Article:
Get 20M+ Full-Text Papers For Less Than $1.50/day. Start a 14-Day Trial for You or Your Team.

Learn More →

Predicting Chemotherapy Toxicity in Older Adults With Cancer: A Prospective Multicenter Study

Predicting Chemotherapy Toxicity in Older Adults With Cancer: A Prospective Multicenter Study Purpose: Older adults are vulnerable to chemotherapy toxicity; however, there are limited data to identify those at risk. The goals of this study are to identify risk factors for chemotherapy toxicity in older adults and develop a risk stratification schema for chemotherapy toxicity. Patients and Methods: Patients age >= 65 years with cancer from seven institutions completed a prechemotherapy assessment that captured sociodemographics, tumor/treatment variables, laboratory test results, and geriatric assessment variables (function, comorbidity, cognition, psychological state, social activity/support, and nutritional status). Patients were followed through the chemotherapy course to capture grade 3 (severe), grade 4 (life-threatening or disabling), and grade 5 (death) as defined by the National Cancer Institute Common Terminology Criteria for Adverse Events. Results: In total, 500 patients with a mean age of 73 years (range, 65 to 91 years) with stage I to IV lung (29%), GI (27%), gynecologic (17%), breast (11%), genitourinary (10%), or other (6%) cancer joined this prospective study. Grade 3 to 5 toxicity occurred in 53% of the patients (39% grade 3, 12% grade 4, 2% grade 5). A predictive model for grade 3 to 5 toxicity was developed that consisted of geriatric assessment variables, laboratory test values, and patient, tumor, and treatment characteristics. A scoring system in which the median risk score was 7 (range, 0 to 19) and risk stratification schema (risk score: percent incidence of grade 3 to 5 toxicity) identified older adults at low (0 to 5 points; 30%), intermediate (6 to 9 points; 52%), or high risk (10 to 19 points; 83%) of chemotherapy toxicity (P < .001). Conclusion: A risk stratification schema can establish the risk of chemotherapy toxicity in older adults. Geriatric assessment variables independently predicted the risk of toxicity. http://www.deepdyve.com/assets/images/DeepDyve-Logo-lg.png Journal of Clinical Oncology Wolters Kluwer Health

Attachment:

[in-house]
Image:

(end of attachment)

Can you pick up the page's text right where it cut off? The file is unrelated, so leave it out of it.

Loading next page...
 
/lp/wolters-kluwer-health/predicting-chemotherapy-toxicity-in-older-adults-with-cancer-a-DkAZGCOhCr

References (43)

Publisher
Wolters Kluwer Health
Copyright
(C) 2011 American Society of Clinical Oncology
ISSN
0732-183X
eISSN
1527-7755
DOI
10.1200/JCO.2011.34.7625
Publisher site
See Article on Publisher Site

Abstract

Purpose: Older adults are vulnerable to chemotherapy toxicity; however, there are limited data to identify those at risk. The goals of this study are to identify risk factors for chemotherapy toxicity in older adults and develop a risk stratification schema for chemotherapy toxicity. Patients and Methods: Patients age >= 65 years with cancer from seven institutions completed a prechemotherapy assessment that captured sociodemographics, tumor/treatment variables, laboratory test results, and geriatric assessment variables (function, comorbidity, cognition, psychological state, social activity/support, and nutritional status). Patients were followed through the chemotherapy course to capture grade 3 (severe), grade 4 (life-threatening or disabling), and grade 5 (death) as defined by the National Cancer Institute Common Terminology Criteria for Adverse Events. Results: In total, 500 patients with a mean age of 73 years (range, 65 to 91 years) with stage I to IV lung (29%), GI (27%), gynecologic (17%), breast (11%), genitourinary (10%), or other (6%) cancer joined this prospective study. Grade 3 to 5 toxicity occurred in 53% of the patients (39% grade 3, 12% grade 4, 2% grade 5). A predictive model for grade 3 to 5 toxicity was developed that consisted of geriatric assessment variables, laboratory test values, and patient, tumor, and treatment characteristics. A scoring system in which the median risk score was 7 (range, 0 to 19) and risk stratification schema (risk score: percent incidence of grade 3 to 5 toxicity) identified older adults at low (0 to 5 points; 30%), intermediate (6 to 9 points; 52%), or high risk (10 to 19 points; 83%) of chemotherapy toxicity (P < .001). Conclusion: A risk stratification schema can establish the risk of chemotherapy toxicity in older adults. Geriatric assessment variables independently predicted the risk of toxicity.

Journal

Journal of Clinical OncologyWolters Kluwer Health

Published: Sep 1, 2011

There are no references for this article.